Why even anti-Chavez types in Latin America oppose the coup (golpe) in Honduras

(Images from El País)

Sunday's coup that removed President Manuel Zelaya from office in Honduras has been roundly denounced by leaders in Latin America and, most recently, by US President Barack Obama. The justification given by the military for detaining Zelaya and then forcing him into exile in Costa Rica was that Zelaya had insisted on calling for a nationwide popular vote to convene a national assembly which would then discuss the possibility of changing the Honduran constitution to allow him to run for office a second time. The act of calling for a national referendum to discuss this was deemed unconstitutional by the Honduran high court and by its congress.

On the day in which the national referendum was slated to occur, the military took Zelaya prisoner and the head of congress assumed the presidency. Supporters of the military and supporters of Zelaya have since that point called each other "undemocratic."

Zelaya's critics in Honduras say that his support internationally comes from pro-Chavez sympathy. This is not the case. Even a glance at newspapers in Paraguay (arguably one of the most conservative countries in Latin America), which are staunchly and virulently anti-Chavez, shows that the critique against the move in Honduras is not about Chavez but about using force instead of law to remove a president. The precedent this sets, the idea that coups are still a viable option, undercuts decades of work and compromise and while many in Latin America are not excited about the Chavez-like Left, they are more concerned about a regional return to military (and guerrilla) violence.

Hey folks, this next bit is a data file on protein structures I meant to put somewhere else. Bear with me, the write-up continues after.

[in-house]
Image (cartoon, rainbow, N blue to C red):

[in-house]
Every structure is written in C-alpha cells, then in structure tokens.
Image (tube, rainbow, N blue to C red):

For Latin America, these events are sadly familiar: pictures of people confronting tanks, stories of "disappearances," meddling from leftist leaders in other countries, enforced curfews, and violence on all sides in the name of "democracy." What's new is the across-the-board rejection of the actions in Honduras internationally and the insistence that Zelaya, as a democratically elected president, cannot be removed by such means.

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4 Responses to Why even anti-Chavez types in Latin America oppose the coup (golpe) in Honduras

Anonymous said...


Anonymous said...

CS Monitor peace with the other point of view

Anonymous said...

Crap, I can't type at all. First I didn't link it then I wrote peace for piece. Sorry C, I'm making a mess here.

Anonymous said...

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